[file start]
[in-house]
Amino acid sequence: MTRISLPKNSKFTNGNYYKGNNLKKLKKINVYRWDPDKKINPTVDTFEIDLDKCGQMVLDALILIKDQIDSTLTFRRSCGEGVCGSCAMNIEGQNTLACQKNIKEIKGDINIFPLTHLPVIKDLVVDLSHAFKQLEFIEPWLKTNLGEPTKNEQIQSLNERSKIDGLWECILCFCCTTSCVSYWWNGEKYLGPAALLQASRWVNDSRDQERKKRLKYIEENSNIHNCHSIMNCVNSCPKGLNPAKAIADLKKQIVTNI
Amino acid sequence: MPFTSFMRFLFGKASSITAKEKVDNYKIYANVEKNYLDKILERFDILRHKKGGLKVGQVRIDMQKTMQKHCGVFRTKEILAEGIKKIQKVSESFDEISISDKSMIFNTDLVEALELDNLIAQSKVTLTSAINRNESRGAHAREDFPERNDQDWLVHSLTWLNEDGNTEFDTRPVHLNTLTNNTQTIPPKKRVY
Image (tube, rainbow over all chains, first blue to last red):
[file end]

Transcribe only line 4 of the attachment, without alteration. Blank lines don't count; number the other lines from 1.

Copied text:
Image (tube, rainbow over all chains, first blue to last red):